High Chairs

This is a bigger ticket item with a bigger footprint and will make its home smack in the middle of your living space. Because you’ll be seeing a lot of your high chair — especially if it lasts through a couple kids (which you hope it will) — it’s worth taking a minute to think this purchase through.

Best All-Around

Joovy Nook High Chair
$85
Joovy Nook High Chair
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So many user friendly features at a way reasonable price. What’s not to love?

Pros: This chair boasts the easiest entry and exit of any chair we tested: the tray swings open and shut which means you can put your squirming child in and then snap the tray into place with one hand. You can adjust the tray’s distance from your child, and after mealtime can pop it off altogether and toss it in the dishwasher. The seat’s leather-like material is pretty easy to wipe down. It’s completely portable, easily foldable, and yet still feels nice and sturdy.

Cons: You’re gonna have a few crumbs burrowed in those seat nooks and crannies. C’est la vie.

Bottom line: The best buy for your money and won’t hurt your eyes.

Most Modern

Boon Pedestal
$249.99
Boon Pedestal
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With its serious functionality and sleek, modern design, this is a well-designed, quality stationary chair that’s easy to clean – and it will last for years.

Pros: Possibly the coolest thing about this chair is its “pneumatic lift,” which is not an illness but a cool magical feature that allows you to position the chair at the table’s exact height by pressing a button with your foot. No tools! Entry and exit are easy since the tray pops off (chair comes with an extra). Neat-freaks rejoice: the one-piece seat is super satisfying to clean since there’s nowhere for crumbs to burrow. Tray is dishwasher-safe.

Cons: Pricey and not foldable for easy stowage and transport, though can be easily wheeled from one room to another.

Bottom line: If you like a modern, Jetsons-tinged aesthetic and have a little money to spend, this piece is a good one that won’t let you down.

Best for Minimalists

Stokke Tripp Trapp Chair
$250
Stokke Tripp Trapp Chair
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Another nice-to-look-at piece with high quality design – and a dose of Scandinavian flair.

Pros: So minimalist it’s barely there. The Norwegian wood chair comes in a wide range of colors so can easily blend into your home without screaming BABY LIVES HERE. Use the “Newborn Set” attachment (sold separately) for the first 6 months (though why you need a high chair at the infant stage is not totally clear), then ditch it for the plastic baby set (sold separately) which you can use until about 36 months. When you no longer need a high chair (yes, that day will come), remove the seat and you have a beautiful piece of kid-friendly furniture that can hold up to 187 pounds. Both the seat and footrest can be moved into various ergonomically correct positions.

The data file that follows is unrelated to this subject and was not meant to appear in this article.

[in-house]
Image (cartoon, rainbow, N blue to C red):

Cons: $$$. The baseline price is steep to start with and each feature/ attachment piece must be purchased separately. That cute seat cushion for the baby seat, for instance: $44. Getting your child in and out can be tough – you have to lift them above the chair, stick their legs through the leg holes, and origami them into the sitting position. Depending on how hangry or tired they are, it’s not always pretty.

Fun fact: you can engrave your child’s name on the back of the chair. 
That’s fancy.

Best SuperDeluxe

Peg Perego Siesta
$270
Peg Perego Siesta
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If you find yourself in the lucky position to splurge on a high chair that combines astronaut-chic with sports car functionality, this one may be your match.

Pros: Baby can use this chair from birth since it reclines (meaning you can strap her in for a safe nap while you cook)
. The main tray comes off for easy entry and exit, and chair comes with an extra tray top. Though crumbs will inevitably hide in the seat’s corners, wipe-down is easy enough.
 It folds up so you can hide it away, and it easily wheels around from room to room.
 A storage net on the seat back for bibs and spoons means one less thing to have to hunt down at meal time.

Cons: $$. It’s a really good chair, but others offer similar functionality for less than half the price.

Bottom line: If you happen to have the means — or, say, a generous benefactor — go for it. This is a super high end piece with lots of features that will grow with your child for years.

Best Sub-Bargain

Ikea Antilop
$20
Ikea Antilop
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Yes, you get what you pay for, but for $20, this is an insane bargain, and depending on your situation, can be worth considering.

Pros: When you need an extra chair but don’t have extra money, this zero frills high chair is the way to go
. It’s unobtrusive aesthetically, lightweight, and, easy to use. While not foldable, it’s fairly easy to take apart. This is a great backup chair – perfect to keep at Grandma’s house or on hand the garage to use when you’re hosting.

Cons: It’s certainly sturdy enough to hold a baby, but if your kid is very large and/or particularly squirmy, you may find that this chair doesn’t feel substantial enough. Also, no adjustability.

Bottom line: A solid budget buy that, depending on your needs, could fit the bill.



The What's Up Moms Gear Team provides unbiased picks for these products. We subjected ourselves to countless diaper pail smell tests, learned to wear every wrap on the market and lugged multiple travel cribs on family trips, all to recommend our favorite items to you. We do not get paid to include products in these reviews and only make money if you click "buy now." So do that. Please.